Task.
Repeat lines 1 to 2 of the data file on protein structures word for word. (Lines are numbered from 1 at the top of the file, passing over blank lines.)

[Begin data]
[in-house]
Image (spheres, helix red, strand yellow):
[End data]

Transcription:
[in-house]
Image (spheres, helix red, strand yellow):